Information contained in this publication is intended for informational purposes only and does not constitute legal advice or opinion, nor is it a substitute for the professional judgment of an attorney.
UPDATE: On April 15, 2014, New York City Mayor Bill de Blasio signed this measure into law.
On March 26, 2014, the New York City Council unanimously passed a bill to expand the New York City Human Rights law to prohibit employment discrimination against interns. The legislation will likely be enacted into law, as it was passed unanimously (with one Council member absent) such that the City Council could override any veto by the mayor, should he choose to exercise it. If the bill, as currently drafted, is enacted into law, it will become effective 60 days thereafter – just in time for the summer internship season.
What Are the Protections?
The Council's bill seeks to prohibit employers from discriminating against interns on the basis of actual or perceived age, race, creed, color, national origin, gender, disability, marital status, partnership status, sexual orientation, alienage or citizenship status, or status as a victim of domestic violence, sex offenses or stalking.
The legislation defines an "intern" as:
an individual who performs work for an employer on a temporary basis whose work: (a) provides training or supplements training given in an educational environment such that the employability of the individual performing the work may be enhanced; (b) provides experience for the benefit of the individual performing the work; and (c) is performed under the close supervision of existing staff.
The bill makes clear that interns "shall include individuals without regard to whether the employer pays them a salary or wage."
Impetus for the Legislation
The bill was passed in response to an October 2013 federal court decision, Wang v. Phoenix Satellite Television, in which the court held that the City's anti-discrimination law does not apply to unpaid interns, except when it comes to hiring. The court further explained that federal and state anti-discrimination laws similarly fail to extend to unpaid interns. In the Wang case, a 26-year-old unpaid female intern alleged that her manager requested that she accompany him to his hotel room where he later attempted to kiss her, groped her and made inappropriate sexual comments to her. The court dismissed the intern's sex discrimination and harassment claims under New York City's anti-discrimination law after concluding that the City's law protects only paid employees.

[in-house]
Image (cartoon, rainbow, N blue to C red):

What Actions Should Employers Take?
The anticipated legal protections for unpaid interns in New York City are essentially the same as for regular employees, so this would be an appropriate time for New York City employers to review their discrimination and retaliation policies to ensure that all protected classes are addressed. To guarantee compliance with this anticipated expansion of the City's anti-discrimination law, it would be prudent to modify these policies to expressly include interns within their ambit. Also, supervisors and other employees who hire or work with interns should receive anti-discrimination and anti-harassment training, particularly because the City's law imposes strict liability on employers for discriminatory acts and harassment by supervisors.
Gregory Reilly is a Shareholder in Littler's New York and Newark, New Jersey offices. If you would like further information, please contact your Littler attorney at 1.888.Littler or firstname.lastname@example.org, or Mr. Reilly at email@example.com.